Dodsworth, by Sinclair Lewis

Chapter 36

Fran was lovely, very young, in a gray-squirrel mantle.

“I got it for almost NOTHING, at the summer sales in Berlin,” she said. “Why is it most women never can seem to economize? I’ll bet your wonderful flame, Mrs. Cost — Cortright? funny, I never CAN seem to remember her name — she’s frightfully clever, I’m sure, but I’ll bet she’d have paid twice as much for it.”

The late September was cold even for mid-Atlantic. Fran smoothed the fur, draped it closer in her steamer-chair. She seemed to him like a leopard with its taut limbs hidden by a robe.

Now, after tea hour on the S.S. Deutschland, a raging sunset smeared the waves with a frightening crimson. They smelled a storm. The ship ducked before the attacking waves. But Fran was full of liveliness and well-being. As she talked, she nodded every instant to people they had met aboard, the men who were always in a knot about her at the dances, the matrons who talked of “that charming Mrs. Dodsworth — she told me she was much younger than her husband — he’s a little slow, don’t you think — but she’s so fond of him — looks after him like a daughter.”

Fran cuddled down in her richness of fur.

“Oh, it’s nice to be GOING somewhere!” she said. “I bet we’ll both be crazy to start off somewhere, maybe back to Paris, when we’ve been home a few months. (What an ATROCIOUS hat that woman has on and my DEAR, will you regard her shoes! Why they ALLOW people like that in the first cabin?) And you can’t know how tired I got of sticking around Berlin forever ‘n’ ever! Oh, you were so right about Kurt, Sam dear. I don’t know how you guessed it! You’d be the first to admit you aren’t usually so AWFULLY good at judging character, except in the case of business men, but you were right with — Oh, he was so BOSSY! He was furious if I so much as suggested I’d like to run down to Baden–Baden by myself. And where he got the idea that he was so important — Oh, his family may be as old as the Coliseum — the Coliseo — but when I saw his mother, my DEAR, the most awful old country frump —”

“Don’t!” said Sam. “Don’t know why, but I kind of hate to hear you riding Kurt and his mother that way. They were probably hurt, too.”

Most graciously, quite forgivingly, “Yes, you’re right. Sorry, M’sieu! I’ll be a good girl. And of course everything is all right now. After all, it’s such a wonderful Happy Ending to our wild little escapades! We’ve both learned lots, don’t you think? and now I won’t be so flighty and you won’t be so irritable, I’m sure you won’t.”

There was dancing in the verandah cafe. Young Tom Allen, the polo player — young Tom, all black and ivory and grin — came to ask her to dance. She smiled up at him, airily patted Sam’s arm, and scampered away, while Tom seemed to be holding her hand under shelter of her squirrel robe.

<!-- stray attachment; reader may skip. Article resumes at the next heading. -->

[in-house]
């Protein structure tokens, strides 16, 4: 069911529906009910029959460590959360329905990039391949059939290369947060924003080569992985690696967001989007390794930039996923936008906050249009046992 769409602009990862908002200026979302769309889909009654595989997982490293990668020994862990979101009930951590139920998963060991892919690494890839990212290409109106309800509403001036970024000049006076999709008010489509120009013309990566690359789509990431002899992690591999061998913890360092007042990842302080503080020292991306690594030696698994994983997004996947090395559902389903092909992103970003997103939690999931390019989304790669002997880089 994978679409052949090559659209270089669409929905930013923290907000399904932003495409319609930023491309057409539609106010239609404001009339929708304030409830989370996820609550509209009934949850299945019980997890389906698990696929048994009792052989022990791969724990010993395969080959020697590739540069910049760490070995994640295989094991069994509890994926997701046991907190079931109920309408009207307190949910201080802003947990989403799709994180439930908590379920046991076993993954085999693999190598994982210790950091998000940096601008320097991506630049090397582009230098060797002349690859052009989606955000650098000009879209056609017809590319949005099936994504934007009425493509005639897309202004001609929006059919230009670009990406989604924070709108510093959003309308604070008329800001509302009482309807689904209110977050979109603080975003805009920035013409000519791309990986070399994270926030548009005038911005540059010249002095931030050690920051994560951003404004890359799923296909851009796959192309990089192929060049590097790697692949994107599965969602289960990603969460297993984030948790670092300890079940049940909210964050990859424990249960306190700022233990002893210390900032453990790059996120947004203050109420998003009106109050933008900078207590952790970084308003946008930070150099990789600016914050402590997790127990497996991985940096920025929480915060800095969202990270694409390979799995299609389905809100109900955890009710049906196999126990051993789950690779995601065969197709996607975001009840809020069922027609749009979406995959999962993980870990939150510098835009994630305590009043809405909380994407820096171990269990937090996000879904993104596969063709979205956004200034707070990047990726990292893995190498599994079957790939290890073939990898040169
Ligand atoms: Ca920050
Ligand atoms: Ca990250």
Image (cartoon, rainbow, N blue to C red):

The sunset was angry now, the color of port wine.

Sam staggered around and around the slanting deck, alone, and alone he stood aft, looking back in the direction of Europe. But there was only foggy gray.

He awoke, bewildered, at two in the morning. The storm had come; the steamer was pitching abominably. In his half sleep he heard Edith whimpering in her sleep in the twin bed beside him. Smiling, glad to comfort her who had been all comfort to him here in sun-bright Naples, he stretched out his arm, sleepily stroked her thin wrist.

He startled, he sat up and gasped, at the astonishment of hearing the voice of Fran.

“Oh, thank you! Nice of you to wake me up. Having a kind of nightmare. My, it’s rough!”

In his agitation he tightened his fingers on her wrist.

“Oh, Sam, DON’T— Oh, don’t be ARDENT! Not yet. I must get used — And I’m so sleepy!” Very brightly: “You don’t mind, do you? Nighty-night!”

He lay awake. In the watery light from the transom he saw the sheen of her silver toilet things on the dresser. He thought of this tremendous steamer, pounding the waves. He thought of the modern miracle of the radio, up above, of the automatic electric steering apparatus. Yet on the bridge were sailors, unautomatic, human, eternal. The ship, too, was eternal, as a vehicle of man’s old voyaging. Its creaking seemed to him like the creaking of an ancient Greek trireme.

But while his thoughts reached out thus for things heroic, he heard her placid breathing and he smelled not the sea gale but perfume that came from little crystal vials among her silver toilet-things that were vaster than the hull of the steamer, stronger than the storm.

He felt that he would never sleep again.

He closed his great fist, tight. Then it relaxed, and he was asleep.

He roused to hear her bubbling, in a stormy dawn:

“Are you awake? Don’t let me disturb you. Horrid morning! Let’s get up some bridge. We’ll get Mr. Ballard and Tom Allen. He’s a dear boy, isn’t he! Though I feel like a mother toward him. Oh, Sam, if you aren’t too sleepy — Oh. While we’re in New York, I think I’ll see if I can’t pick up a really nice Chinese evening wrap. Tom told me about a shop. Of course I have those others, but they’re getting so shabby, and after all, you don’t expect me to look a fright, like Matey Pearson, do you! I’ll make her eyes start out of her head with the Marcel Rochas frock I got in Paris, and think, I only had two days to get it in! Zenith will simply foam at the mouth! Oh, after all, it IS kind of nice to be going home — for a while — after all we’ve gone through — and Sam, I wonder if you understand that I understand probably you were just as brave and honest as I was, even with the hideous suffering I had to face in Berlin! And — Oh, I don’t know what reminded me of it, but you must be careful with the Ballards. I’m afraid you bored them last evening, talking about Italian motors. You must remember that they have a villa in Florence, and they’re used to the real Italy, and artists and the nobility and so on. But of course it doesn’t matter. And — Do you mind ringing for coffee? That’s an old dear!”

The scent of her perfumes seemed stronger than by night, in the sleep-thickened air of the stateroom.

He slowly raised himself to ring for the steward. He had said nothing whatever.

She blissfully dropped off to sleep again, and he bathed, dressed, swayed out on deck. The open portion of the promenade dock was protected by canvas against which the water crashed, sending streams between the lashings to trickle along the deck. He labored forward, stood solemnly at a window looking ahead at the bow plunging into the waves, at the foam hurled over the forepeak, at a desolate immigrant in a tattered old raincoat trying to keep a footing on the forward deck.